Scientists Create Stabilizers to Boost Pompe Disease ERT Effectiveness
The new molecules work on the GAA enzyme to reduce glycogen buildup
Researchers in Taiwan have developed new molecules that can stabilize the acid alpha-glucosidase (GAA) enzyme, a strategy they say might improve the effectiveness of treatments for Pompe disease.
Their study, “Harnessing polyhydroxylated pyrrolidines as a stabilizer of acid alpha-glucosidase (GAA) to enhance the efficacy of enzyme replacement therapy in Pompe disease,” was published in Bioorganic & Medicinal Chemistry.
Pompe disease is caused by mutations in the gene that provides instructions for making the GAA enzyme, resulting in little or none being produced. The enzyme breaks down the complex sugar molecule glycogen, which builds up to toxic levels inside cells without GAA.
The current standard of care treatment for Pompe is enzyme replacement therapy (ERT), which involves an infusion of a version of the enzyme.
One of the limitations of current ERT approaches is that the GAA enzyme, which normally does its job in highly acidic cellular compartments called lysosomes, is not very stable in the blood. To be therapeutically effective, high doses are often needed to get enough of the enzyme to cells, but higher doses increase the risk of side effects.
A team of scientists worked to create small molecules that can stabilize GAA, allowing more of the functional enzyme to get into cells where it’s needed.
“Developing small molecules to maintain protein function and to suppress the unavoidable destabilization of the [GAA] protein is an attractive approach to improve ERT efficacy,” the researchers wrote.
To create a stabilizer, they started with a molecule called ADMDP (2-aminomethyl polyhydroxylated pyrrolidine).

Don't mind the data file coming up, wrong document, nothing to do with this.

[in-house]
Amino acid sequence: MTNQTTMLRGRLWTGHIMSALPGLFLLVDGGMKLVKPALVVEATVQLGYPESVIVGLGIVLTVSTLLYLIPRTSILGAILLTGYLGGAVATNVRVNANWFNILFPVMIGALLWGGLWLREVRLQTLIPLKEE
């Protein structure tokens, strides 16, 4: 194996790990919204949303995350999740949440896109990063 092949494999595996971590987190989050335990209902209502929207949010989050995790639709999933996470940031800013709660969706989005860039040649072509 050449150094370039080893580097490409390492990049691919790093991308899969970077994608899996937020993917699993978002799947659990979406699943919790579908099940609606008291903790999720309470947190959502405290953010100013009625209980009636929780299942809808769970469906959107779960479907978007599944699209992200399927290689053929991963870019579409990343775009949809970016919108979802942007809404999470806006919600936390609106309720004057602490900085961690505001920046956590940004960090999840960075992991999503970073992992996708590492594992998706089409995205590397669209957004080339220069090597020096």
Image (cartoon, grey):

Using 16 chemical variations of ADMDP, they gradually increased the temperature to see when the GAA enzyme’s structure was disrupted. When the enzyme is more stable, it can function at higher temperatures.
The initial screen identified two ADMDP versions with promising stabilizing effects. Using these, the researchers made a series of slight chemical modifications, continually testing them to assess stabilizing properties.
The scientists at last identified one compound as the most promising, dubbing it stabilizer 21. It and related compounds bind to the same GAA region as glycogen, analyses showed.
In cell experiments, co-treatment with GAA and stabilizer 21 led to a dose-dependent increase in enzyme activity at five times GAA treatment alone. Higher enzyme activity used with stabilizer 21 was sustained over nine days, “indicating that co-treatment is able to prolong therapeutic activity and potentially amend [Pompe disease] patient treatment,” the scientists wrote, noting this method enhances the effectiveness of ERT because the dosage would be reduced, “a benefit resulting in economic usage of expensive protein drug and avoiding the severe humoral immune response, resulting in infusion-associated reactions.”
A small proof-of-concept experiment also indicated that co-treatment with stabilizer 21 increased enzyme activity in mice.
“In a cell-based [Pompe disease] model, co-treatment of [stabilizer] 21 with [GAA] significantly improved (up to 5-fold) intracellular activity and reduced the glycogen content, compared to the administration of [GAA] alone (ERT),” the researchers wrote, noting this effect was confirmed with “preliminary animal studies” and calling for more research.